Insurance DataLab analyses how brokers have performed over the last year in the face of significant economic difficulties

The UK broking market has faced some tough market conditions of late, with increasing regulatory workloads, a difficult economic landscape and rising costs all adding pressure to the broker business model.

Despite this, brokers continue to demonstrate a resilience that has made them very appealing to private equity investors.

Indeed, the 2023 Insurance DataLab Broker Performance Report – which is ­officially being launched at this year’s Biba conference (10-11 May 2023) – has revealed that brokers’ financial performance has remained relatively steady despite the headwinds they face.

This year’s analysis has been extended to cover 136 broking firms, making it the most comprehensive view of broker performance to date.

What hasn’t changed, however, is the aim of finding the best performing brokers that are delivering long-term and sustainable financial performance that is outperforming the wider market.

To achieve this, Insurance DataLab looked at three key pillars – profitability, growth and productivity – which it then combined to give an overall rating for each company.

The brokers covered by the report received an average broker rating of 52.2% for 2023, up from 51.8% the previous year. This is, however, slightly down on 2021, when the average rating stood at 52.7%.

Despite this ongoing strong performance, growth has faltered slightly, with the average growth rating falling from 54.0% in 2021 to 51.5% after a decline in operating profits.

On the up?

The 136 brokers in Insurance DataLab’s analysis reported an aggregate operating profit of a little more than £2bn, according to the latest set of results, down £16.3m on the previous year. In 2022, however, aggregate operating profit grew by almost £348m, although this was still less than near £423m of operating profit growth reported for the previous year.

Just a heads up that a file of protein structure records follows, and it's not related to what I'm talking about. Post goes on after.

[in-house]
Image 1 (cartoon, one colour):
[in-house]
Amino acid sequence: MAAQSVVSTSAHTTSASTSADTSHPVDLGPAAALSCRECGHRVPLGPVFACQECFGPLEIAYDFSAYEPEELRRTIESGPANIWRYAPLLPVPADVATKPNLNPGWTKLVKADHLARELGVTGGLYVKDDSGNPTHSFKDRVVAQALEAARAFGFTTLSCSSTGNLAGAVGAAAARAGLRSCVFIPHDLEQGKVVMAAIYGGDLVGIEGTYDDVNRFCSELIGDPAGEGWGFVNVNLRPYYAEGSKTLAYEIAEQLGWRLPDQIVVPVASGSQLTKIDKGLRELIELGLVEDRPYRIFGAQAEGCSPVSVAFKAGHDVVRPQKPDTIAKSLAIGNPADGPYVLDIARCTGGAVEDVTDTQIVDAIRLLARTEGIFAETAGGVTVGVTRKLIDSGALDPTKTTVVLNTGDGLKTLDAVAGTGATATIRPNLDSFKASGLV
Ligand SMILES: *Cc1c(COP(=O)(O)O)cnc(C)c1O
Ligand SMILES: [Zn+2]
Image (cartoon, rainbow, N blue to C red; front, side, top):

When it comes to revenues, however, brokers have continued to find growth, despite the tough market conditions.

Indeed, the aggregate revenue of the 136 brokers in this report grew by 4.7% to almost £10.4bn, according to the latest set of accounts.

This compares with revenue growth of 3.7% for the previous year and just 1.6% for the 12 months preceding that as business continues to recover post-pandemic.

Brokers received their lowest score for productivity – based on turnover per employee and staff costs as a percentage of turnover – with an average rating of 50.9% for 2023 under this pillar, in line with the average score received for 2021.

This is, however, an improvement on 2022, when the average productivity rating stood at 50.1%.

This steady score comes despite an increase in the value of staff costs as a ­percentage of turnover, which have risen from an aggregate of 43% in 2021 to 48% in 2023.

But this was offset by an increase in average turnover per employee, which has grown from about £138,000 to a little over £146,00 in 2023.

Meanwhile, brokers received their highest rating under Insurance DataLab’s profitability pillar, receiving an average score of 54.3% for 2023. It was also the only metric to improve over the course of this analysis, rising from 53.3% in 2021.

This improvement was driven by an increase in three-year earnings before interest, taxes, depreciation and amortisation (Ebitda) margin, which stood at an aggregate of 24% for 2023, up from 22% in 2022 and 19% in 2021.

Size breakdown

But how does financial performance compare when it comes to the size of a broker?

To help answer this question, Insurance DataLab categorised brokers into four different size bands, according to the revenues as disclosed in their 2021/22 accounts. These bands have been defined as:

  • Small: revenues of £10m or less;
  • Medium: revenues of between £10m and £100m;
  • Large: revenues of between £100m and £500m;
  • Super: revenues in excess of £500m.

When it comes to overall performance, the brokers with revenues in excess of £500m scored highest, picking up an ­average Insurance DataLab broker rating of 58.5% for 2023.

This compares with average scores of 55.8% for large brokers, 52.8% for medium-sized brokers and 49.8% for the smallest brokers in the market.

Indeed, larger brokers have out­performed their smaller peers in each of the past three years, with the top two revenue bands also increasing their ­average score over each year of this analysis.